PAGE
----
Radiohead were forced to abandon an intimate gig at an east London record shop and move it to a nearby club after nearly 1,500 fans turned up.
The gig was moved from the Rough Trade East shop over safety fears
Announcing the gig on Wednesday morning, the band promised tickets to the first 200 fans and pledged big screens outside for others to watch.
But the event was moved to club 93 Feet East from Rough Trade East records after police raised safety fears.
Patient fans were treated to the band's latest album In Rainbows in full.
That was followed by a six-song encore including old favourites My Iron Lung and The Bends.
The gig's scheduled 2000 GMT start was delayed because of the move.
During the gig, singer Thom Yorke told the crowd: "Today has been a very strange day. Might just have to have a drink at the end of it.
"A bad day to cut down."
The band apologised for the disruption experienced by fans
He also thanked Rough Trade East "for putting up with this".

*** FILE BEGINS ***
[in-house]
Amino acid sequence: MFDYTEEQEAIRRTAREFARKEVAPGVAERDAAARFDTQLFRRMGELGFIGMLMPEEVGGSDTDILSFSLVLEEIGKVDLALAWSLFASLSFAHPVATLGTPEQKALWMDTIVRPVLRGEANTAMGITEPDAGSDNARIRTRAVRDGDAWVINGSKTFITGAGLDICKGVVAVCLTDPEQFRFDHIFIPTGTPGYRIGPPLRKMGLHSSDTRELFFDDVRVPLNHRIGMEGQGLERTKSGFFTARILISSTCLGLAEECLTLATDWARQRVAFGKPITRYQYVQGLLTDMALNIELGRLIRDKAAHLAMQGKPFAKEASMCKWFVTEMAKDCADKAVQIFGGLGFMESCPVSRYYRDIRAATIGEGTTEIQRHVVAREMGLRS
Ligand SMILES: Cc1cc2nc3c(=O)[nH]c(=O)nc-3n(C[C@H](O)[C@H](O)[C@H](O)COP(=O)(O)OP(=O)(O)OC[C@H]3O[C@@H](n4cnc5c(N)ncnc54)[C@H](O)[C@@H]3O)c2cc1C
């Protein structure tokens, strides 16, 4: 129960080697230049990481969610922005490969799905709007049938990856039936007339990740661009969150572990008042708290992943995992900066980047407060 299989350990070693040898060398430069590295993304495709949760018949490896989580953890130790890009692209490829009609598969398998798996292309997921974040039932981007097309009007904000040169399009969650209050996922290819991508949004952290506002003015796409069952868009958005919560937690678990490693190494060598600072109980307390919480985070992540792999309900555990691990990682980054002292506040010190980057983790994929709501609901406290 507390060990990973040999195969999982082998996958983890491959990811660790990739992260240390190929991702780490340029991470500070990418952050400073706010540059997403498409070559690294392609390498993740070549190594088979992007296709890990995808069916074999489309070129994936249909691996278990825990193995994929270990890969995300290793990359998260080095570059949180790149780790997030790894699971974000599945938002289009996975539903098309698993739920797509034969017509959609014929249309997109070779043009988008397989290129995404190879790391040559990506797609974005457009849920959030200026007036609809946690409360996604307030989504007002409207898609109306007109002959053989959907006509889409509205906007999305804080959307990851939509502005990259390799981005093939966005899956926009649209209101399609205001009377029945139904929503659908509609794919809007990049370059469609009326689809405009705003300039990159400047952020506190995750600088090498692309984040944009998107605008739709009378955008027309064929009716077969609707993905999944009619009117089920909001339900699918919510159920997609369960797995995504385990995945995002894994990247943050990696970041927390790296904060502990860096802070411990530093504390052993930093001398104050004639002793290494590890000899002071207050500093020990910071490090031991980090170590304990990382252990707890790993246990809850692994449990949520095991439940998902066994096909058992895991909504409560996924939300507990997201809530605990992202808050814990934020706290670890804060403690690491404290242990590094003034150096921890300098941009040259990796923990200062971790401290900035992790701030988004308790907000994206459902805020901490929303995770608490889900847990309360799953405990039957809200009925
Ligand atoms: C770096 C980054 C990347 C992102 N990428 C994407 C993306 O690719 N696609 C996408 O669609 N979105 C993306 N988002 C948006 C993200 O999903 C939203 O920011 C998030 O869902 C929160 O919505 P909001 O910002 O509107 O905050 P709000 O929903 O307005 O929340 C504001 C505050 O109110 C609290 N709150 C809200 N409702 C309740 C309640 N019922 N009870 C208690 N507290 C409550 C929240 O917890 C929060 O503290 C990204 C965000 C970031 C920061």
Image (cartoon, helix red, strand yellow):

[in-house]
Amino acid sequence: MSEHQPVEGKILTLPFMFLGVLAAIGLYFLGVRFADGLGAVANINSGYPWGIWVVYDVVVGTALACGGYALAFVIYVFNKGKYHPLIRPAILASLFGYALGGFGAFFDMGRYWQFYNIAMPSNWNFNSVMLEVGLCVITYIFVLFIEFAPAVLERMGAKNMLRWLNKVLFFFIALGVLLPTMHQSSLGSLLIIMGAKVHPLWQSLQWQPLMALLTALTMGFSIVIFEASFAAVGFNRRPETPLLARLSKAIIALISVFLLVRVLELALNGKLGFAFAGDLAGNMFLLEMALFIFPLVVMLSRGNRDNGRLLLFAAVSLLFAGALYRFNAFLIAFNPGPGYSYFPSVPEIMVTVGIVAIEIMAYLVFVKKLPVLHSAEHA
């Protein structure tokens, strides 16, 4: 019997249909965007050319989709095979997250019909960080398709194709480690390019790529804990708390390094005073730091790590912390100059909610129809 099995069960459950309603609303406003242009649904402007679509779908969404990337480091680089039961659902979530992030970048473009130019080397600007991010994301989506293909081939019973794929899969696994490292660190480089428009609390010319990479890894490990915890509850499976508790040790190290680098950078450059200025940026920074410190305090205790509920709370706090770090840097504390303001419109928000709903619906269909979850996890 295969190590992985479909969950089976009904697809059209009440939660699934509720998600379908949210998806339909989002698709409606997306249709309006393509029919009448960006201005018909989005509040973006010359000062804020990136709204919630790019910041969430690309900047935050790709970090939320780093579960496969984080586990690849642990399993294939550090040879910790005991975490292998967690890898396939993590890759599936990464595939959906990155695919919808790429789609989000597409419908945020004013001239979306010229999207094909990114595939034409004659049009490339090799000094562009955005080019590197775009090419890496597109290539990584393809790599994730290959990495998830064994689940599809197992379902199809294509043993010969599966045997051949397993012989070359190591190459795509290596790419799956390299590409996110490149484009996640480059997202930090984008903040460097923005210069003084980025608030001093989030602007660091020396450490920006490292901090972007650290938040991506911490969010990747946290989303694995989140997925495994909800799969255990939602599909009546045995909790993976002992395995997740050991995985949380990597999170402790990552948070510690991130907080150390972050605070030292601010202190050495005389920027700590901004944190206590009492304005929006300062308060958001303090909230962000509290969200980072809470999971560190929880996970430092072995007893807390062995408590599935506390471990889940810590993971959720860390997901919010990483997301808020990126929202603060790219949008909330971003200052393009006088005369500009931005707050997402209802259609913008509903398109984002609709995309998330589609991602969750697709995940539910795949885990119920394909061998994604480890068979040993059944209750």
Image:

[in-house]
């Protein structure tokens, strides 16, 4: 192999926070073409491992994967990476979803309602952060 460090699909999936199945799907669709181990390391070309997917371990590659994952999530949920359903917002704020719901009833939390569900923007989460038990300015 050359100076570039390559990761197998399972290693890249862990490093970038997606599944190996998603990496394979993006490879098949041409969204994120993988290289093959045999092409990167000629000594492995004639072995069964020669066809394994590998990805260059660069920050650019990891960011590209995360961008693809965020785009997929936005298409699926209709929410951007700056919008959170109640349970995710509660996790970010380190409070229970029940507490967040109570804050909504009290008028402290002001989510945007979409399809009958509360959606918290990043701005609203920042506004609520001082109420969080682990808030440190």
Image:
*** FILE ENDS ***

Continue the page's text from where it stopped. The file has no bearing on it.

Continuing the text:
BBC 6 Music's Lucy O'Doherty, who was at the gig, said every word was sung back at the band, who looked relaxed and jubilant on stage despite the hectic day.
Fan Ama Chana, 22, from west London, said it was "the single greatest experience of my life".
She added: "Even though we had to wait for three hours longer, the set was amazing. We were right at the front and could almost touch the band."
Speaking before the gig, fan Rob McCabe, from London, said he had been waiting since noon.
"Radiohead are my favourite band, I would do anything to see them," he told the BBC News website.
The band left record label EMI after the release of their sixth album, Hail to the Thief, in 2003.
Their latest album, In Rainbows, was originally released on the internet, with fans charged the fee of their choice.